In each episode of the first season of 24, Keifer Sutherland’s voiceover introduces the overall plot of the story:

Right now, terrorists are plotting to assassinate a presidential candidate. My wife and daughter have been targeted, and people that I work with may be involved in both. I’m federal agent Jack Bauer, and today is the longest day of my life.

Premiering in November 2001, 24 was clearly topical in relation to the terrorist acts of 9/11. But despite the rhetoric of the introduction; it could be argued that the first season does not actually contain a single terrorist.

A terrorist by definition is an individual or group that uses terror in pursuit of political aims, something the enemy in the series does not do. This is a mistake which is perhaps more easily forgiven in the first 12 hours where the ambiguity of the storyline means we have yet to learn the reason why the group wish to assassinate a presidential candidate (indeed, at this point there is every possibility that they are terrorists whose could be attempted to assassinate a prominent politician in order to install fear into the American population). But this mistake is not rectified in the second 12 hours where we find out that the group are in fact Serbian soldiers that are enacting revenge on an American team (including Bauer) that caused them an injustice in the past as part of a botched secret mission.

Not only does 24 reflect a wish to ‘cash in’ on the discourse of terrorism which engulfed the US at the time (and still haunts discourses now), but I think it also reflects how we experience universal / structural problems in contemporary society. The universal threat or problem is immediately personalised and considered a threat to each individual rather than to society, and this is how Bauer can get away with calling them terrorists (even after it is revealed that their aim is a personal vendetta rather than terror) because the structural problem of terrorism is immediately experienced as a personal attack on each and every individual; not society.

Terrorism – as well as other structural problems, such as poverty – are packaged neatly into a consumable and personalised narrative which can be interpreted by the individual as a personal threat because there is no longer any collectivities to protect (or meet) with structural problems and this leads to their individualization. Instead of being autonomous or free, people are governed through biopolitical narratives where those in power justify themselves through their protection of your personal life.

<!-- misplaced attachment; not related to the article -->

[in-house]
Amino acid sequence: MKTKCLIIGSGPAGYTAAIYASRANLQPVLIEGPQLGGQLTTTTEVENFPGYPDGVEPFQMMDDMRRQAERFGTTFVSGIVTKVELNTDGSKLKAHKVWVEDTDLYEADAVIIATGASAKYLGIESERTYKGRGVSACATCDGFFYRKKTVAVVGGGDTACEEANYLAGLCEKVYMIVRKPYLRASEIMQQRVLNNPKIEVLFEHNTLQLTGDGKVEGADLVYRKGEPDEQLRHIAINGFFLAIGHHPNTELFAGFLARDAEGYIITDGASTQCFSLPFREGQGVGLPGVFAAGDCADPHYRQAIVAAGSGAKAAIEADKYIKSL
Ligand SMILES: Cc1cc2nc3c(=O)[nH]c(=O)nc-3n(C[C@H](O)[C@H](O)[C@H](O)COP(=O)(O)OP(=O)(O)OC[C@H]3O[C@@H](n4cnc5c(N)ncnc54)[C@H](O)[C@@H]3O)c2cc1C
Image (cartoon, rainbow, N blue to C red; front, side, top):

When people equate the ruling ideological framework into their primal wish to survive, and experience a structural problem as a threat to their own well-being, those in power become completely justified in reducing liberty in order to further your survival (for example, see this fascinating video on police stop and search laws). What is actually needed, however, is new collectivities that reassert a common face and solidarity and which require fidelity above personal concerns. Only by attacking the values that are currently most dear to oneself – such as fear of terrorist harm – will subjects become dis-entangled from the ideological rhetoric of biopolitics.


2 thoughts on “There Are No Terrorists In 24

  1. Great post. Interestingly, 24 was mostly written and filmed before 11 September 2001. In this image of the attacks you can see the 24 billboard, part of the pre-screening advertising campaign: http://www.abload.de/img/911-9-11-wtc-with-24-ae7w1.jpg

    Subsequently a scene involving the bombing of a plane in flight was cut from the series, for obvious editorial and ethical reasons.

    Now, even if this scene had remained, by your definition of terrorism this wouldn’t have been a terrorist attack (although you’ve seen the first series more recently than I have and I can’t quite remember the reasons for the plane explosion – presumably related to the assassination attempt and so not, as per your usage, an act of terror).

    What I would say, though, is that – whatever the intuitive appeal of your definition – it’s perhaps not one that is adhered to today out-with TV shows either. For example, the bombings in Boston recently were widely described as a terrorist attack and yet a motive was not (and has not convincingly been) identified. I think politicians, media outlets and the general population would often regard such events as acts of terror. I also think that, in the current popular usage of the term, the events of the first series of 24 would be regarded as terrorism.

    Which isn’t to say that they should be, of course. Interesting post – more of this topical stuff please!

  2. Thanks David! I hadn’t realised that they had filmed it before 9/11 (although, now i think about it, they wouldn’t have got it together in two months…)

    The scene with the plane exploding is that of a subcontractor to the ‘bad guys’ who steals someone’s identity then blows up the plane to cover her tracks (i.e. not an act of terror, just ‘ruthless’).

    You’re also right about the Boston reaction. Although I remember on the day that Obama was careful not to call it ‘terrorism’, when they found out the perpetrators were a foreign other: this was the discourse that spread (even though, as you say, we still don’t know the reason behind the attack).

    But thanks for your comment and input. Much appreciated.

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